Questions for Nathan Taremwa: DAAD project funding for university collaborations

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German universities, like most universities around the world, maintain a broad network of international partnerships. The DAAD supports such international partnerships through several schemes that foster cooperation among higher education institutions. An essential component in the internationalization of universities is the establishment and implementation of joint strategic partnerships and cooperation projects.

For this purpose, DAAD offers various instruments and program lines with which partnerships and cooperation projects can be funded.

In this month’s portrait, we talk to Nathan Taremwa from Rwanda about the DAAD’s involvement in projects in Rwanda:

Briefly introduce yourself and the DAAD projects you are involved in Rwanda.

My name is Nathan Kanuma Taremwa. I am a Lecturer at the University of Rwanda (UR) in the College of Agriculture, Animal Sciences and Veterinary Medicine (CAVM). Besides, I am the Principal Investigator for two projects funded by DAAD from 2021 to 2024.

The two projects are

i) Capacity Strengthening in Technology Transfer and Commercialization of University Intellectual Property” (TT-CUIP) from 2021 to 2024 and

ii) Advancing Sustainable Economic Development in Rwanda through Circular Agro-economy (Rwanda CAE) project 2021 to 2024.

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How did you get in contact with the DAAD?

I had a contact from the Germany Institution, Prof. Dr. Thomas Bayer, who is a senior researcher and academician in Germany from Neu Ulm University of Applied Sciences (HNU).  He is the one with whom we are doing the two projects.

You have participated in two DAAD funded projects. How did you come to participate in these projects?

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We jointly prepared the two project proposals with Kenyatta University (KU) and Neu Ulm University of Applied Sciences (HNU).  The Rwandan team nominated me as the team leader (principal investigator) for the TT-CUIP project.

Also, when the DAAD call for individuals/institutions to submit proposals came out, and Rwanda was eligible, I contacted Prof. Dr. Thomas Bayer with a new request to team up and submit a new proposal on the University-Industry partnership.  That is how the current project on Rwanda CAE was initiated with my full participation as team leader on the Rwandan side.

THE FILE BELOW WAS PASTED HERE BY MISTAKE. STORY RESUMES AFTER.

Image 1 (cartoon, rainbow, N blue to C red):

Please tell us more about the project “Capacity Strengthening in Technology Transfer and Commercialization of University Intellectual Property” (TT-CUIP) from 2021 to 2024. What are the goals of the program? When did it start? What does it involve? How have you measured or how do you plan to measure the success of the project?

The TT-CUIP project aims to strengthen the technology transfer capacity of faculty and researchers at the University of Rwanda.

It also focuses on commercializing the university’s intellectual property to broader stakeholder networks and partnerships with society.

We started project implementation in 2021. The project primarily involves training for senior, mid-career, and junior researchers and academics working in the University of Rwanda’s technology transfer units.

We have conducted training on many topics including patent acquisition, the relevance and benefits of technology transfer, success factors for TT and TTO, key processes and modern trends of TT, relationship management with industry, and the role of leadership training and professional development.

We plan to measure success or impact by looking at outputs (number of employees trained) who can improve their daily work with the acquired skills and competencies in technology transfer and innovation.